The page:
In general GS riders seem to be happier with a heavy fork oil in the left leg. This is probably due to the relatively large openings in the compression valving. 15W is a popular number that I've been happy with. For the right leg, 10W is popular. BMW specifies 470ml of oil in each side if the fork has been disassembled. For a regular change, it's 410 left and 440 right.
Each fork tube has a bushing sleeve at the bottom, and each slider has a bushing inserted in the opening underneath the fork seal. Normally these parts don't wear very much, but if the fork has been misaligned you may want new ones. In the photo below, the upper fork tube bushing shows distinct wear and should be replaced.
|Fork tube bushings
||Slider bushing (beneath the fork seal)
|Installed orientation of Gold Valve. The fork spring rests on the slotted surface.||The small disc on the top (with the single hole) deflects under compression as the oil pushes upward.||The bolt and nut are tightened to control the amount that the valve opens.|
The Gold Valve inserts are a popular upgrade for street bikes with conventional damper rods (without valves). They work by directing the secondary oil flow from the top opening in the damper rod through an orifice with a spring-loaded valve. As the fork compresses, the flow gets impeded by this valve. There is a return valve within the Gold Valve with a much lighter spring which allows oil back into the damper rod upon fork extension.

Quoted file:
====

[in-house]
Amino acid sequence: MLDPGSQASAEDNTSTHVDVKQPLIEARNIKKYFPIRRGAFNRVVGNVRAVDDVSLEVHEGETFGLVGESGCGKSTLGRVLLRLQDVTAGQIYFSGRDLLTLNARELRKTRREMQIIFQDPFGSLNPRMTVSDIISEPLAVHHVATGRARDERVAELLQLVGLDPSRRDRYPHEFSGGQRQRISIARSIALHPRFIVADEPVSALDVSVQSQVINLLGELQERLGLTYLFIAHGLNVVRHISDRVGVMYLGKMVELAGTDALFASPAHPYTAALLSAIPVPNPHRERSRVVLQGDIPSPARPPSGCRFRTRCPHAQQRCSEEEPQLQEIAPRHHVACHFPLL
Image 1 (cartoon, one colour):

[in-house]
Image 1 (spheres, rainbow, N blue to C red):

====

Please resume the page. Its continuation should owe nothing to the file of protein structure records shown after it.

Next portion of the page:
Installing a Gold Valve in a GS fork means that you are adding compression damping to the right leg, where there was none before. Instructions usually call for drilling additional holes in the damper rod; I feel this is a holdover from instructions for forks where each side controls both rebound and compression. To disable damping in the right fork leg I would start by removing the disk from the rebound valve.
The most popular kit is the S3802, which uses a 31mm valve (this is the largest that will fit into the 34mm ID fork tube). The basic valve is the same for all 31mm kits; the different part numbers indicate different aluminum adapters for mounting the valve to the top of the damper rod. This can easily be made with a lathe.
Some links to web resources regarding RaceTech Gold Valve installation:
Another option is the Marzocchi magnum cartridges which replace the entire internals of the fork. These were sold by BMW under the part numbers 31 42 2 317 539/540 and were sold until about 2008 by HPN, but they are no longer available.
Adjusters at the top controlled compression in one leg and rebound in the other.
The cartridge cylinder has a slot which provides variable compression damping (visible in the close-up). Some riders (using similar Marzocchi cartridges) have found this to be too progressive, and have modified the cartridge by closing the slot and drilling a series of holes.
John Chay's BMW fork information page